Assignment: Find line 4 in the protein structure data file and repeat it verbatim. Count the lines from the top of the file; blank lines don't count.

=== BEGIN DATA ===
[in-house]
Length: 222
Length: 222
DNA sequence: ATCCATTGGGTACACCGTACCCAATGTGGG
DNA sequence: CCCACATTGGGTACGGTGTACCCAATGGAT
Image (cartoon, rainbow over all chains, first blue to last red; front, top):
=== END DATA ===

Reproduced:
DNA sequence: ATCCATTGGGTACACCGTACCCAATGTGGG